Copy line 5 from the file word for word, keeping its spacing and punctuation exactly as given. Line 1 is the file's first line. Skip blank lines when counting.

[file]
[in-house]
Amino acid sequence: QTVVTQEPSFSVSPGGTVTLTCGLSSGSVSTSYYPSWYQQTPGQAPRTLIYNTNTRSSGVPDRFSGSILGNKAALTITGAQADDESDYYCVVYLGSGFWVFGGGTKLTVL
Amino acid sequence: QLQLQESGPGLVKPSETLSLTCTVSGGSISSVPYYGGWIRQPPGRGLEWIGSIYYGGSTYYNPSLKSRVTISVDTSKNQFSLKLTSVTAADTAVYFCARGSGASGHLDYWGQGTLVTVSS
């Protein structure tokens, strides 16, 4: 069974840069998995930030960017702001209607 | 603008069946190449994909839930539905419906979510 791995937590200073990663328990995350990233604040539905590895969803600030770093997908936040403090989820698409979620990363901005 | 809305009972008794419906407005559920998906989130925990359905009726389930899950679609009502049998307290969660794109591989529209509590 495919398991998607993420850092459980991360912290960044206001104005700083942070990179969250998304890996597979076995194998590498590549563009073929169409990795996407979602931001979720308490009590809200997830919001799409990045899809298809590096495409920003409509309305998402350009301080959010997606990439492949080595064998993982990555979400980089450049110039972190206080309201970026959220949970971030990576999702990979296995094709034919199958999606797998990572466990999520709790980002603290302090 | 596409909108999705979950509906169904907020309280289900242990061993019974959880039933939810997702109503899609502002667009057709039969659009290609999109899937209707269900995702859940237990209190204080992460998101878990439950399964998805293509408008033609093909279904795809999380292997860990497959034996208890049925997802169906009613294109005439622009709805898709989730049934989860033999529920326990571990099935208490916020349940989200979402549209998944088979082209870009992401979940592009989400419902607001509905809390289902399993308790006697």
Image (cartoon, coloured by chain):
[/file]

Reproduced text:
Image (cartoon, coloured by chain):